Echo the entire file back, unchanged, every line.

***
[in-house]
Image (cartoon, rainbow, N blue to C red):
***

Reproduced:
[in-house]
Image (cartoon, rainbow, N blue to C red):